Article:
Thus, during opening statements, plaintiff's counsel noted that she would present proof that Roche was aware of at least 104 reported cases of IBD, of which thirty-three cases were supposedly given a causality rating of possible or probable by the company. Plaintiff's counsel also cited in opening argument to an internal Roche report supposedly stating that, in 2002, there had been sixty-four reports of Crohn's disease (BTW, a form of IBD with no epidemiological link to the drug in any reputable study).  The trial court ruled that Roche could not argue that a comparison of those AERs vs. the background rate was a scientifically valid way to help evaluate the risk of a drug. Defendant was also curtailed in cross-examination of plaintiff's labeling expert,  particularly with regard to how Roche had analyzed certain data on Accutane that it had in fact presented to the FDA.

During the defense case in chief, the trial court did loosen her ruling and did permit a defense expert to explain to the jury that, in calculating the number of IBD cases in the exposed population, Roche had assessed the reported adverse events. Because it was suspected such events are under-reported, Roche already  factored in under-reporting. In calendar year 1988, when approximately one million patients took Accutane, there were only seven reports of IBD. From 1982 to 1999, when more than 32 million patients took the drug, there were only 206 case reports of IBD.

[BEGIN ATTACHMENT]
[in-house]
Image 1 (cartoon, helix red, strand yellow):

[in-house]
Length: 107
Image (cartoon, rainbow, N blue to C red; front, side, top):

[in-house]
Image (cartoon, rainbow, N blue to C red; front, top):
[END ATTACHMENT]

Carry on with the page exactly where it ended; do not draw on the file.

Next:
(Readers know that an adverse event report does not establish a causal relationship between the drug and a particular event. The FDA itself has warned that for any given ADE case, there is no certainty that the suspected drug caused the event. This is because physicians and consumers are encouraged to report all suspected ADEs, not just those that are known or even suspected to be caused by the drug. The adverse event may have been related to an underlying disease for which the drug was given, to other concomitant drug usage, or may have occurred by chance at the same time the suspect drug was administered. The courts have characterized ADEs as “complaints called in by product consumers without any medical controls or scientific assessment.” McClain v. Metabolife Intern., Inc., 401 F. 3d 1233, 1250 (11th Cir. 2005). Because the reporting system is not subject to scientific controls, data from it is subject to various statistical biases. It is likely that the mix of reported events does not represent an accurate sampling of those events that can occur while a person is taking any medication. Moreover, medical or media attention can stimulate reporting in a distorted manner, and known adverse reactions are more likely to be diagnosed and reported than others. See DeLuca v. Merrell Dow Pharmaceuticals, Inc., 791 F. Supp. 1042, 1050 (D. N.J. 1992), aff’d 6 F. 3d 778 (3d Cir. 1993), cert. denied, 510 U.S. 1044 (1994) (ADEs “have inherent biases as they are second-or-third hand reports, are affected by medical or mass media attention, and are subject to other distortions.”).)